It's been a while since my third back surgery and more than six years since I pulled off a long-range hike. Mostly because I haven't had the time but I have to admit that the idea of being disabled bugs me and I don't know how hard I can push myself any more. So about three weeks ago I grabbed my camera and my day pack and drove out to Fort Ord and parked up just past the old hospital. I was only planning a two hour field movement in which I was going to hunt down artifacts left over from the Army and photograph them. I'd bought new boots and I wanted to break those in as well, so I head into "The Back Yard", of Fort Ord with no real plan or time frame.
After the first mile I was feeling great and I decide to make a push deep into the old base in order to locate a remote canyon. This canyon had once been the location of a full-size mock-up of a Vietnamese village. The Army used it to train soldiers headed to Vietnam back in the late 1960s and while it is long since gone I've found that the Army always leaves something behind and because it was the Army and not the BLM who tore the place down it's possible to find goodies to photograph. So I'm feeling good, my boots are comfortable and the weather is passable , thus I forge up to the top of the first ridge and follow a game trail down to the road that descends to the bottom of Eucalyptus canyon. Once I reach the road at the bottom I'm just over three miles away from my truck, I take a second to take stock and decide that I feel good and so I boogie down the road to where it intersects with a trail and head off along that. The trail winds along the south-east side of the canyon ridge and heads to a gap where a road cuts across into the last deep canyon of the old base. Once I reach the gap and begin to climb I decide not to take the road and instead I take a trail that climbs up along a small box canyon to "Lookout Road". As I climb this trail I'm looking at this small canyon and I quickly realize that this is the target canyon! Hot dog! I continue up the trail because it gives me a great view of the entire canyon and I take mental notes on how I'm going to search it in the future. I finally get to the top of the canyon and it does look out onto the great canyon below. I stop and take my pack off and eat some breakfast bars I'd stowed inside. I then refill my canteens and take in the view. Then I look at my watch.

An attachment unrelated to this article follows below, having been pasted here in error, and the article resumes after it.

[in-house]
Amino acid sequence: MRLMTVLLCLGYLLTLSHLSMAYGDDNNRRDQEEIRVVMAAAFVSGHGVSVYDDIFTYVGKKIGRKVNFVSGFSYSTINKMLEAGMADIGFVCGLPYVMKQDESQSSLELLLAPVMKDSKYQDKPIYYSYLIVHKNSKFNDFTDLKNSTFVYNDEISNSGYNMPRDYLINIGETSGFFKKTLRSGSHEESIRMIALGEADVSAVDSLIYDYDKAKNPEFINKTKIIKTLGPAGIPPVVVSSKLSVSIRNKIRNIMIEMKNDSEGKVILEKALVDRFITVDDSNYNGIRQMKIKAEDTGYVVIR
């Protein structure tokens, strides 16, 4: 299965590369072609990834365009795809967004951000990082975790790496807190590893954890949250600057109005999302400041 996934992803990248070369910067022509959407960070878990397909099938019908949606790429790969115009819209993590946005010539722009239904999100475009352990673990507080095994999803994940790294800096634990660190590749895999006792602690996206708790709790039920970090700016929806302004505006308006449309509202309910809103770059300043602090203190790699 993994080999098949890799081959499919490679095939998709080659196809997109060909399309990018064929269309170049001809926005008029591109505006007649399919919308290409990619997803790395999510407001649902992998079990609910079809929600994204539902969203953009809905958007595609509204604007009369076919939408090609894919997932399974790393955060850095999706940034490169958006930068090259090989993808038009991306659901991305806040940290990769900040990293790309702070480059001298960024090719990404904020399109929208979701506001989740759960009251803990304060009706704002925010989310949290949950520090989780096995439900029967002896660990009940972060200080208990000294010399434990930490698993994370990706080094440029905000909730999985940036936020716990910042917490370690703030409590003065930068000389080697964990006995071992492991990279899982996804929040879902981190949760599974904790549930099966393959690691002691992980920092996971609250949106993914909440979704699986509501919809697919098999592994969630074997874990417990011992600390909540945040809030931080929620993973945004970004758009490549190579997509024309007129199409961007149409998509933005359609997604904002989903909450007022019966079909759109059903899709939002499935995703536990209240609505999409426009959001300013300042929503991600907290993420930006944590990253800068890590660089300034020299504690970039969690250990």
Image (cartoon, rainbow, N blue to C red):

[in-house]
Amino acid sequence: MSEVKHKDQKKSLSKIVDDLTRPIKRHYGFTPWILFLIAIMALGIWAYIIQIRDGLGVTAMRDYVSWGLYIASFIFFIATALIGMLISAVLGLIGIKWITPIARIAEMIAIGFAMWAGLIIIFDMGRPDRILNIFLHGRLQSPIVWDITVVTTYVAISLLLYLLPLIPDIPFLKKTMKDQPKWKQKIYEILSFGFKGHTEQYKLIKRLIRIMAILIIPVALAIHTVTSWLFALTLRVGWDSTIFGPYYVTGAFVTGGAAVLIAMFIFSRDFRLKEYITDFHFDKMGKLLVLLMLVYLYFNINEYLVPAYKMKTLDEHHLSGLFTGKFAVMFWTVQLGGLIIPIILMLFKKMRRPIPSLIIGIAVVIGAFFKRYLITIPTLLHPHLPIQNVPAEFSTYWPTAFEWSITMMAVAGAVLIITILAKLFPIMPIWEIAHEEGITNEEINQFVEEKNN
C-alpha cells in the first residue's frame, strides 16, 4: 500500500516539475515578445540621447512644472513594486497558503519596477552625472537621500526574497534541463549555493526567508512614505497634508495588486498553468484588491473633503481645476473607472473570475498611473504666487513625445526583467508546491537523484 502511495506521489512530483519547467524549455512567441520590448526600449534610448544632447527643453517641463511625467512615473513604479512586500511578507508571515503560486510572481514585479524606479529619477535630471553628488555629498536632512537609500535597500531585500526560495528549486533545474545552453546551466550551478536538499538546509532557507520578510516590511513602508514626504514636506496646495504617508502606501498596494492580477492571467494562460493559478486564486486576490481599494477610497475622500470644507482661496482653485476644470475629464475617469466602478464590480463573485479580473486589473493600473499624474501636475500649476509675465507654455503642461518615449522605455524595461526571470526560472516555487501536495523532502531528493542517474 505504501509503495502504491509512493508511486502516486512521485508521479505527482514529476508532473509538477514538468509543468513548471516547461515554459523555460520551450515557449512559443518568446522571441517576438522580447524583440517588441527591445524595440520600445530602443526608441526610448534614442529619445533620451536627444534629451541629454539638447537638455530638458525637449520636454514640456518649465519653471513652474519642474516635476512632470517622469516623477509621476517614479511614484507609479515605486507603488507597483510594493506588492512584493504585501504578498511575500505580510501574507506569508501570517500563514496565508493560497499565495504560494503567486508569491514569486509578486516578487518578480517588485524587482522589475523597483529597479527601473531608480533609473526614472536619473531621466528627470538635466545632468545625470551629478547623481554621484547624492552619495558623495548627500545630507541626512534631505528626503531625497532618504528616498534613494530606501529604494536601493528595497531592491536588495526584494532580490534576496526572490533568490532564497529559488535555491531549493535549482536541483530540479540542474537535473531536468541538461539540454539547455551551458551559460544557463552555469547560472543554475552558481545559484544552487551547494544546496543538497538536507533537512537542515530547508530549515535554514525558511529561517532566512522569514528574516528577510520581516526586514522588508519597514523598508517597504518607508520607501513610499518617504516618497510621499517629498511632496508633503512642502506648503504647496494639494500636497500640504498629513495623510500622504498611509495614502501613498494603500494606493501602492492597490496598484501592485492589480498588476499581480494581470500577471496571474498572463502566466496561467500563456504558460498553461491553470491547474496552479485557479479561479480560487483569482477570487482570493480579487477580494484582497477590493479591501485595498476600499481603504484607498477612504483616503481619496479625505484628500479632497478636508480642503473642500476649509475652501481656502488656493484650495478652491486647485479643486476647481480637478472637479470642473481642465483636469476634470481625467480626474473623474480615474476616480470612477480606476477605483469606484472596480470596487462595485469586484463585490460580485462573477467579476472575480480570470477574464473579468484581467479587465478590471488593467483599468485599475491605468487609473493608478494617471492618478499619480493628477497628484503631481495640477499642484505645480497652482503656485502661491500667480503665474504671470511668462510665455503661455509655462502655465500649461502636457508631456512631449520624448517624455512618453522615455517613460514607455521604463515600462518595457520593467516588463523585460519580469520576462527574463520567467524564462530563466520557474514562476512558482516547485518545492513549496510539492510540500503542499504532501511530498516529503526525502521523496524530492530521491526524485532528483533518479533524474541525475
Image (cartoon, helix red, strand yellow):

It's 4:30pm, I'm six miles from my truck and I have an hour of daylight left. Oh shit. I am standing in the middle of Mountain Lion central all by my lonesome. Oh shit! Well, okay, I'm not totally screwed because I have my day pack, which means that I have a warm sweater and two flashlights. So I put on the sweater and clip one flashlight to my shoulder strap and put the other in my cargo pocket and I gear up and start the long move back. It took me forty minutes to climb back down to the road at the bottom of the second canyon and reach the road that would take me out. The problem now is that the forty minute/three mile hike had thrashed my legs and feet. My lower body was now a symphony of pain as each muscle group sang out and my right leg was shaking uncontrollably. I could feel blisters on both feet. All this would make the next mile no fun because because I would be climbing a 20% grade the whole way.
Somewhere before I reached the top the sun went down.
At the top I tried to kick it into gear but my legs were just done. I had two miles to go and it was 5:30pm. I just lunged down the road thankful for the darkness because I now looked like Frankenstein's monster as I thudded my way back to my truck. I swept the sides of the road with my second flashlight in order to catch the reflection of eyeballs that might be looking at me. Early on I did manage to catch a large cat in my beam of light but I'm pretty sure that it was a Bobcat and not a Cougar, either way I wasn't going to hang around and get a closer look. It's amazing how your world changes in the dark, especially when you are under stress; everything becomes impossible and every noise becomes a threat. I tried to sing but everything quickly boiled down to "Shit,Shit,Shit,Shit". The few times that I stopped for water I found that I paid for it in new kinds of pain as my muscles locked up. Usually I can daydream to take my mind off of the pain but not this time, I was living each and every moment as they came. I was never so happy as when I saw my truck.
I closed on it and opened the door. I slid off my gear, dumped my canteen out over my head and then sat down behind the wheel. Ahhhhhh! Oh baby, you know what I like. I had found my wall, somewhere out around the seven mile mark and I passed it and discovered a world of pain. When I got home I found that my socks had disintegrated at the toes and I had big blisters on both feet. I ended up removing the nail on my little toe, which actually came off pretty easily. The next day was no fun as I dealt if stiff muscles and foot pain but a few days later I felt great...really great....like a new man kinda great. I picked up 4mph on my exercise bike and I felt better than I had in a long time. The body is a strange thing because the whole way back to my truck I'm cursing myself for being so stupid to even think about hiking that far and now all I can think about is getting back out there and maybe even going farther.
I think I'm brain damaged.